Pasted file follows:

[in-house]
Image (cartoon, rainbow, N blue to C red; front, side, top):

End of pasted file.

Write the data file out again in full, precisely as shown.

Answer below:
[in-house]
Image (cartoon, rainbow, N blue to C red; front, side, top):